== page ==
But the author has is all backwards. The euro is desirable because it is strong and backed by a favorable trade balance. If demand for it increases, it will strengthen, which has a dampening effect on inflation, thus reducing the need for tighter monetary policy. That will support economic activity inside the eurozone and support business there, irrespective of what happens to exports. The eurozone is a big economy, and thus foreing trade, like in the US, has a relatively low weight. The domestic benefits of a strong currency and lower rates will outweigh by far any weakening in exports.
And that does not even take into account the fact that a big chunk of Europe's exports are not really price sensitive: it's high-end, quality stuff and people will pay the requisite price in euros to get it, whether Louis Vuitton handbags, BMW salons or specialised beer-bottling machinery...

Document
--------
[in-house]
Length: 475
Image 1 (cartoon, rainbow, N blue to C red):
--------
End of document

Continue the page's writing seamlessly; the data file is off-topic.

The potential for conflict within the eurozone is obvious. A stronger euro would be anathema to many eurozone countries, not least France and Italy, already very worried about euro strength. But a looser monetary policy would be anathema to countries such as Germany and the Netherlands that worry about the inflation implications of cheaper money. Indeed, it is far from obvious how the eurozone could run a sizeable current-account deficit without exacerbating tensions between members of the single currency area with large current-account surpluses, such as Germany and the Netherlands, and those with large or rising external deficits – most notably Spain, but also France and Italy. It would be possible for Germany and the Netherlands to continue to run big surpluses at the same time as the eurozone as a whole ran a bigger deficit, but only if other eurozone countries ran even bigger deficits. This is politically implausible.